As Canada nears zero COVID-19 deaths, officials fear reopening spike, U.S. risk
By David Ljunggren and Allison Lampert
OTTAWA/MONTREAL, July 15 (Reuters) - Canada's efforts to flatten the curve of coronavirus cases have put the country on the cusp of zero deaths from COVID-19 for the first time since March, but officials see worrying signs of a new spike as provinces lift restrictions.
For months, Canadians followed strict public health rules on social movement as the 10 provinces quickly shut down large parts of the economy, ramped up testing and boosted space in intensive care units.
Some provinces curbed internal journeys while Ottawa barred international visitors, closed the land border to non-essential travel with the United States, which has become a global pandemic epicenter, and deployed military staff to hard-hit nursing homes.
Canadian deaths edged up eight to 8,798 according to government data late Tuesday, while the total number of cases grew by 331, to 108,486. By contrast, the United States recently set a one-day record in new cases with 60,500 as the national death toll rose to more than 135,000.
But health experts and politicians fret the sacrifices Canadians made could be imperiled as the economy moves to a full reopening including schools, especially in heavily populated central Canada, and as U.S. authorities struggle to contain the spread south of the border.
"Everyone is preparing for a potential spike in cases ... I think that's inevitable," said Dr. Isaac Bogoch, an infectious disease specialist at Toronto General Hospital.
"Opening up the economy is not a linear path. There will be setbacks (and) we will very likely have to reimpose public health restrictions in certain areas because of an unacceptable number of new cases."
Quebec's coronavirus cases are starting to rise and public health officials have tracked outbreaks to house parties and a suburban Montreal bar. In Ontario, an outbreak at a nail salon forced hundreds into quarantine while British Columbia, which has reported few new deaths in recent weeks, is seeing an uptick in cases as people expand their social circles.
"We did so much work to keep the number of cases down," said Alex Magdzinski, a Montreal nurse who treated COVID patients at a nursing home. "All healthcare workers are asking (people) is to put in a minimal effort."
Magdzinski said he is seeing repeated cases of people in Canada's second largest city abandoning social distancing measures.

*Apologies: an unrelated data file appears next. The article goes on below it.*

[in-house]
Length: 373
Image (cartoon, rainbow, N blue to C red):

Quebec has made wearing masks mandatory in indoor public spaces while other Canadian cities have enacted similar bylaws.
"We need only look south of the border to see how bad things could be," said Alberta Premier Jason Kenney on Monday, as he urged residents to "remain vigilant and disciplined" after large crowds gathered in parks and at a popular lake over the weekend.
Canadian provinces, most of them with right-leaning governments that normally oppose Liberal Prime Minister Justin Trudeau, have been working closely with Ottawa, in a coordinated approach to the outbreak.
In the U.S., the response has been politicized with Republican President U.S. Donald Trump attacking opponents at the state and city level. Critics also complained the White House did a poor job of helping distribute crucial equipment. L2N2EL11N
"They've been reckless. They moved forward too quickly," Ontario Premier Doug Ford told reporters on Tuesday as the province gears up for its third and final stage of reopening .
The two nations have banned non-essential land travel since mid-March but pressure is building on Trudeau from Canadian business leaders and U.S. lawmakers to loosen restrictions. Polls show a large majority of Canadians, and provincial leaders, want the border to remain closed.
This month, at least five incoming flights from cities in Florida, Texas and North Carolina had passengers with confirmed coronavirus cases aboard, according to Canadian government data.
"Don't get me wrong," said Ford. "I love the Americans. I don't want them up here right now."
(Additional reporting by Kelsey Johnson in Ottawa and Allison Martell and Moira Warburton in Toronto; editing by Diane Craft)
The views and opinions expressed herein are the views and opinions of the author and do not necessarily reflect those of Nasdaq, Inc.
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